Bisirikirwa Eva, 28, is a tailor in Najjanankumbi, along Busabala Road. She is married, with two children. From her tailoring business, she makes a decent living. She even dreams of acquiring property in an up-country location to set up a home where she will retire someday. However, her saving culture is lacking grossly. “I would like to save up enough money but I am failing. Every time I save some money I get a problem and use it. Even when I join saving and credit groups, I end up defaulting and eventually dropping out. How do I get myself out of this cycle?” a seemingly frustrated Bisirikirwa wonders.
Many people like Bisirikirwa are struggling to change their saving habits. Some have joined their local SACCOS but they have short term objectives and they soon fall out. Some put their money in piggy banks but these can be easily broken into. Other people are investing in plots but as soon they get a financial crisis, they mortgage the plots. These scenarios play out especially among informal sector workers who don’t have a structured retirement saving plan. Many an informal sector worker is headed for a pitiable retirement.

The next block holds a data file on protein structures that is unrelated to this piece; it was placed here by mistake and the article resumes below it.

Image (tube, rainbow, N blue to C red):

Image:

So, when URBRA organized a retirement sensitization seminar for Rubaga South Constituency, the job was cut out – to educate informal sector workers about the importance of saving for retirement, a core aspect of the Authority’s mandate. The seminar was organized in response to an invitation from the area Member of Parliament, Hon Kato Lubwama, who expressed concern that people in his constituency were not saving for retirement.